Unlike other mid-sized cities whose neighborhoods essentially have the same ambiance, many of Waterbury’s ‘hoods have drastically different “looks and feels.” There's the Town Plot, North End, and Brooklyn areas. Also, there's the Washington Hill neighborhood.
Waterbury is, for lack of a better term, an “old” city. The streets are ripe with historic buildings, houses, theaters, and museums and you’d be hard-pressed to find any of those character-deficient cookie cutter neighborhoods that define other Eastern Seaboard cities. Only about 2 percent of housing units were built post-1995, so hopefully you’re a sucker for an apartment loaded with old school charm rather than ultramodern elegance.
You won’t mistake Waterbury for Miami Beach by any means, but “Brass City” does offer a host of nightlife venues. The downtown area boasts an historic live theater and numerous shops, eateries, bars, and clubs, so it’s not like you’ll have nothing to but sit around your apartment all night wishing you’d found a place in NYC instead.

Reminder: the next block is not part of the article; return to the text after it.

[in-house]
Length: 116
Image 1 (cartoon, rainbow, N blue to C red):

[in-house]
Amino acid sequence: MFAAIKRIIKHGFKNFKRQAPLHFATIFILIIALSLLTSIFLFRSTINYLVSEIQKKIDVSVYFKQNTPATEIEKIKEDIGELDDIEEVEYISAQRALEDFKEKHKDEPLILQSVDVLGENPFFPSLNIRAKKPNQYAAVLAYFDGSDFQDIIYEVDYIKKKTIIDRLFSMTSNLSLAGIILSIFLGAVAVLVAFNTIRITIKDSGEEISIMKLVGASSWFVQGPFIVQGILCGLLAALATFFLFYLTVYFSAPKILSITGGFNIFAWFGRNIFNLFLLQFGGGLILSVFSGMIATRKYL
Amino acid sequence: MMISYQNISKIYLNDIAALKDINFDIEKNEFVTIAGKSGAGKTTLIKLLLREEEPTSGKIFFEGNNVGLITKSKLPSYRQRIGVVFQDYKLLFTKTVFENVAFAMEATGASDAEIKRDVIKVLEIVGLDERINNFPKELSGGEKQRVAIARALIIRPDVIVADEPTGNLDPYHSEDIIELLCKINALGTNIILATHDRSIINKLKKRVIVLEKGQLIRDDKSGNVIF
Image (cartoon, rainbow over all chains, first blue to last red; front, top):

Apartments are ridiculously easy to come by in Waterbury, in large part because renters account for such a large percentage of residents (48 percent). Numerous factories, warehouses, and other former commercial buildings have been transformed into lofts or apartments in recent years, so you’ll find no shortage of available apartments in Waterbury. Waiting lists are rare and move-in specials pop up frequently, giving renters the luxury of scouring the market for the best deals before signing a lease. A typical 1-2BR unit goes for only $700 to $800, and some property managers even include utilities in the price of rent.
Because apartments are so readily available (nearly ten percent of residential buildings are vacant), scoring an apartment in Waterbury is easy as pie. Just bring along proof of income (two to three recent paycheck stubs), banking information, and a list of previous residences. Some properties, especially the modern luxury units and multi-BR, 1800-plus square foot lofts and apartments near downtown or in East End, require tenants pass a background/credit check as well.
A common mistake renters make is blowing off their move-in checklist and assuming their new digs are in tip-top shape, only to find out later that something is terribly wrong. Before you move in a single item of furniture, give your new place an in-depth inspection, making sure everything from the pipes, sinks, showers, and toilets to the appliances, locks, windows, and fans are functional and/or blemish-free. If something isn’t up to par, mark it on your checklist, take a picture of it, and alert management immediately. Generally, landlords are most keen to resolve an issue before a tenant has officially taken up residence.
And now for the fun part: scoring you a primo apartment in Waterbury! Happy hunting and best of luck!